Posts Tagged ‘Dick Van Dyke’

Emily Blunt

“MARY POPPINS RETURNS” My rating: B+ (Opens wide on Dec. 19)

130 minutes | MPAA rating: PG

First, the most obvious question: Is “Mary Poppins Returns” as good as the 1965 original?

Answer: No.  But  it comes close.

Disney’s original “Poppins” is one of — if not the — greatest family films of all time. Everything about it works, from the performances to the writing, the execution, and especially the Sherman Brothers’ astounding score of instantly hummable songs.

So when director Rob Marshall (“Chicago,” “Into the Woods,” “Nine”) took on this sequel, he had a lot to live up to.

Mostly he succeeds. There are a few flat sequences and the new Music Hall-steeped score by Marc Shaiman and Scott Wittman, while perfectly serviceable and occasionally inspired (the moving “The Place Where Lost Things Go, for example), is never as catchy as the original.

But Emily Blunt makes for a slyly entertaining Mary, “Hamilton” star and creator Lin-Manuel Miranda makes a solid film debut, and several of the musical numbers  are showstoppers.  A delectable sense of childlike wonder prevails.

The plot cooked up by David Magee, John DeLuca and Marshall draws heavily from P.L. Travers’ nine “Poppins” books, and in many instances offers a sort of variation on high points from the ’65 film.

The setting has been advanced from pre World War I London to the Depression era.  Michael and Jane Banks, the kids from the original, are now adults (played by Ben Whishaw and Emily Mortimer).  Michael, the widowed father of three, still works at the bank where his father was employed; Jane, taking a cue from her suffragette mother, is a labor organizer.

Michael, who is hopeless with money, is about to lose the family home to foreclosure by his own employer (represented by two-faced exec  Colin Firth).  The family’s only hope is to find a small fortune in bank shares purchased decades earlier — but the papers have all gone missing.

Into this tense situation who should appear but Mary Poppins (Blunt), who in her own no-nonsense way organizes and entertains  the incredibly adorable kids (Pixie Davies,  Nathanael Saleh and Joel Dawson) with a series of fantastic adventures.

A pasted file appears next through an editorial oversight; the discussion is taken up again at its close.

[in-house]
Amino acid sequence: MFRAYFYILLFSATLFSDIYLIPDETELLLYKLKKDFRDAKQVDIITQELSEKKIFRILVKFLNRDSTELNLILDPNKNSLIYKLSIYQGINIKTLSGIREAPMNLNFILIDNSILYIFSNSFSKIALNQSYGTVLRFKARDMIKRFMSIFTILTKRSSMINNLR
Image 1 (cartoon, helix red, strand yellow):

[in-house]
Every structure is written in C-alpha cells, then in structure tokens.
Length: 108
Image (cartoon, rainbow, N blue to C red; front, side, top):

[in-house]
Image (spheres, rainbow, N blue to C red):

Our narrator through all this is a lamplighter, Jack (Miranda), who serves precisely the same function as did Dick Van Dyke’s chimneysweep Bert in the original. Introduced with the song “Lovely London Sky,” Jack is featured in “Trip a Little Light Fantastic”  featuring a host of dancing lamplighters that mirrors the “Step in Time ” extravaganza from 1965.


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Dick Van Dyke, Rose Marie, Morey Amsterdam


85 minutes | No MPAA rating

Most of us remember Rose Marie, who died last week at the age of 94, as the wise-cracking comedy writer Sally Rogers on TV’s “The Dick Van Dyke Show.”

But that was only one stage in a show-biz career that lasted nine decades and was crammed with dozens of firsts.

“Wait for Your Laugh,” Christina Tucker and Jason Wise’s loving documentary, covers Rose Marie’s remarkable life, in the process delivering a pretty comprehensive look at the evolution of entertainment in the 20th century.

Based on a series of filmed interviews with the still-sharp-as-a-tack Rose Marie — as well as with colleagues and friends like Van Dyke, Carl Reiner, Tim Conway and Peter Marshall — the film reveals a remarkable life.

Rose Marie Mazzetta became a child star at age 4, winning a talent contest by belting out songs in the style of Sophie Tucker.  This led to radio appearances as Baby Rose Marie. When listeners refused to believe that a child could sing like that, she hit the vaudeville circuit in its final days. Audiences couldn’t deny their eyes and ears.

Al Capone and other gangsters (“the boys”) treated little Rose Marie as an adopted daughter, offering protection. They could’t protect her from her father/manager, who siphoned off millions before she was old enough to declare her emancipation. (The old man was arrested 128 times for violation of child labor laws.) (more…)

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